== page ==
So there you have it. Runway modeling may seem like a walk in the park, but it sounds like it can be a pretty excruciating, blister-filled walk.

(via ohthatsloverly)

Source: vogue.it
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RAMI KADI Un Souffle d’Orient Collection

(via damnhistrionics)

Source: fashion-runways









literally cannot wait for the day when society advances to the point where women are no longer obligated to wear bras in public

this was the case in the 70s for quite a while (any movie from that time will show you braless actresses), but the conservative backlash took all that away from us.


Deborah Van Valkenburgh in The Warriors, 1979


Jane Fonda in Klute, 1971


Cindy Morgan in Caddyshack, 1980

…which is a shame because my tits are my most fashionable accessory

also Jennifer Aniston tried to bring it back in the 90s and looked good doing it, but it didn’t stick.

yes please 

since middle school i’ve been ashamed of having boobs but i hate wearing bras so much. especially in the summer

lets bring back the braless look. free the boobiadoos 2014, the future starts now

ya’ll tiny-titted folk can keep your braless movement… I’m not walking around with my 44H boobs unsupported


Nah I’m not feeling it. Unsupported DD’s are not what I’m about

YOU GUYS ARE MISSING THE POINT its not like. lets never wear bras ever, my main point was let’s not make bra-wearing something that a woman has to do in order to be deemed ~acceptable to be seen in public

agree. the point is “bras optional”, not “bras forbidden” or “bras required”. “bras optional” periods in recent american fashion history can be said to coincide with the status of women, and particularly the popularity of women’s movements. at the turn of the century a lot of suffragettes rejected the corset and skirt and went for bloomers and loose blouses, a trend which was ridiculed in the popular press. in the 1920s and 30s (flappers were liberated women) there were a lot of braless looks and braless fashion, then post-world wars, things got conservative again, and the famous and uncomfortable bras and girdles of the 40s-50s became de facto. in the 60s and 70s the women’s and sexual liberation movements shocked all the buttoned-down old folks with bringing back the visible nipple, and this lasted into the early 80s, when conservatism snapped back and we ended up in a whole new generation of consumeristic, de rigeur underwear.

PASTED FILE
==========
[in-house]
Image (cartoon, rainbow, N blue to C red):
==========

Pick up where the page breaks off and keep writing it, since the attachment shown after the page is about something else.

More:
prior to this, the 1700s in Europe boasted a lot of Visible Breasts, often in conjunction with the corsets of the day, and sometimes in a more Greco-Roman “loose” style.  and this likewise was a comparatively progressive era in terms of the very earliest proto-feminist ideas.

the whole point is that we should have the option. the fact that we dont, unless we are intent on “transgressing” and being met with negative attention, reflects the societal status of women and the broad feelings of our current culture towards feminism and women’s issues.

my official prediction is that bralessness is about to come back, and early fashion adopters are already pushing that envelope, notably Rihanna and Beyonce.

(via hellotailor)

Source: vilecrocodile
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By the 1960s, Carnaby Street proved popular for followers of both the mod and hippie styles. Many independent fashion boutiques, and designers such as Mary Quant, Marion Foale and Sally Tuffin, Lord John, Merc, Take Six, and Irvine Sellars were located in Carnaby Street as well as various underground music bars such as the Roaring Twenties in the surrounding streets. With bands such as Small Faces, The Who, and The Rolling Stones appearing in the area to work (with the legendary Marquee Club located round the corner in Wardour Street), shop, and socialize, it became one of the coolest destinations associated with the Swinging London of the 1960s.

The Carnaby Street contingent of Swinging London stormed into North American and international awareness with the April 15, 1966 publication of Time magazine’s cover and article that extolled this street’s role:

Perhaps nothing illustrates the new swinging London better than narrow, three-block-long Carnaby Street, which is crammed with a cluster of the ‘gear’ boutiques where the girls and boys buy each other clothing…

(via ohthatsloverly)

Source: digthe60s
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(via hellotailor)

Source: youandmeandthezombieapocalypse



Paul Hiebert on the perpetual dilemma of the luxury brand: How do you sell more stuff without desecrating your name? http://nyr.kr/1snhvak

Photograph by Christopher Morris/VII.

Source: newyorker.com













This is the Alexander Henry Pin-Up collection - and they are all fucking amazing!

image image image

(via teawithghosts)

Source: glassescat
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This is Mason’s inner life. Mason never dies, you know. Mason just goes to the Club Section…

Tilda Swinton explaining her surprise secondary role inSnowpiercer' as one of the partygoers in the Nightclub Section (see video here).


Source: brentofthefabulouswild
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The incomparable Katharine Hepburn as a smouldering, irresistible aviatrix in Christopher Strong (1933). Costume designs by Walter Plunkett and Howard Greer. 

(via theremina)

Source: imdb.com